Boosting Transit Ridership With New Stations, Not New Track
Yonah Freemark at the Transport Politic calls them infill stations: new transit stops built in gaps along existing rail lines. Current examples include Assembly Station just outside Boston in Somerville, DC’s NoMa Station, and the West Dublin/Pleasanton BART station.
Infill stations are a pretty brilliant method to get the most out of older rail systems without spending very much, Freemark says. He’d like to see more cities adopt the strategy:
The advantages of infill stations result from the fact that people are simply more likely to use transit when they’re closer to it — and from the fact that the older transit systems in many cities have widely spaced stations that are underserving potentially significant markets. Erick Guerra and Robert Cervero, affiliated with the University of California-Berkeley, have demonstrated that people living or working within a quarter mile of a transit station produce about twice as many transit rides as people living or working more than half a mile away. In other words, with fewer stations on a line, the number of people willing to use public transportation as a whole is likely reduced.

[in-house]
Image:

Assembly Station, which has been in the works for several years, promises significant benefits — 5,000 future daily riders taking advantage of a 10-minute ride to the region’s central business district, at a construction cost of about $30 million. The station fits in the 1.3-mile gap between two existing stations and is the first new stop built along Boston’s T rapid transit network in 26 years. When combined with the $1.7 billion Green Line light rail extension planned for opening later this decade, 85 percent of Somerville’s residents will live within walking distance of rapid transit, up from just 15 percent today.
The cost-per-rider comparison between the two Somerville projects is indicative of the value offered by infill stations: While Assembly Station cost about $6,000 per rider served, the Green Line Extension will cost $38,000 per rider served — six times more. Both projects will provide benefits, but the cost-effectiveness of infill stations in terms of attracting riders is clear. While infill stations will reduce transit speeds to some extent, within reason the number of new riders they attract will more than make up for the change.
Elsewhere on the Network today: Strong Towns comments on perverse transportation engineering standards that create dangerous streets in the name of “safety.” Systemic Failure says Caltrain will have to choose between bikes and bathrooms in its new electrified trains, and it should go with the former. And Beyond DC shares a quote that gets to the heart of the reason protected bike infrastructure is so important.